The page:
She argues that it was not possible to form this assembly any earlier, until female activists consolidated their presence on the ground, and until the revolution entered every home in Darayya.
In addition to staging sit-ins and demonstrations, these young women have engaged families in Darayya through colourful, unique ideas and activities, such as painting Easter eggs in the colours of the revolutionary flag, placing photographs of detainees in biscuit boxes that are given to children. That is in addition to more conventional revolutionary activities like providing relief to those in distress and care for the families of detainees and martyrs, and helping to edit and distribute the Inab Baladinewspaper, published by the Coordinating Committee of Darayya.
I asked Joumana about the relationship between the assembly and the coordinating committee, and why she and her colleagues have opted to work independently of one of the oldest and most well-regarded revolutionary bodies.
“We consider ourselves part of the [Darayya] committee,” she replied. “We are in constant touch with them, and all our activities are promoted on their official [Facebook] page. Our work as young women has never been independent of them. We’ve been working together and consulting each other on all matters since the start of the revolution.”
She added, “Our group is only separate from [the coordinating committee] insofar as our areas of interest and specialisation differ. Recently, the committee has not given our activities as much coverage as it might, so we have decided to start our own information page.”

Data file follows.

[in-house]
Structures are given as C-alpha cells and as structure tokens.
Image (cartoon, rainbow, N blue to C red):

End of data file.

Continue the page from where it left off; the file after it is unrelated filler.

I then thought that excluding these women from coverage on the Internet definitely means that they are being marginalized on the ground, because Darayya, like the other cities of the countryside surrounding Damascus, is conservative.
Joumana says most of Darayya’s inhabitants have been supportive of the women’s activities, but there are still some opposed to them, especially when it comes to demonstrations.
These people believe young women should restrict their activism to the home, and should not go out on demonstrations. Some say they fear for the young women’s safety, while others are afraid of the female presence itself and of what Joumana calls “our future political activity”. “They don’t want us to be active in this field at all,” she adds.
Fortunately, the Free Syrian Army, FSA, is no longer among those opposed to the young female activists.
“Initially, the FSA in the city was against our activism, but over time, with persistence on our part, and view of nature of our activities,
it has changed its view of us. As an assembly, we have no contact with the FSA, but we think it should be supported to become more united and organised.”
Since the Assembly of Free Women of Darayya was launched, it has been active continuously, with theatrical performances for children (see here, for example), photographic exhibitions, sit-ins and demonstrations, the most recent of which was held a few days ago, bringing young women from Darayya and Suweida together.
What is most important, though, is the message that these activities carry, and the very existence of this assembly and the young women who make it up.
Darayya is a source that never dries up. Despite the pain that surrounds us, this city always gives us reasons to be optimistic, because we can see in it the Syria of which we dream.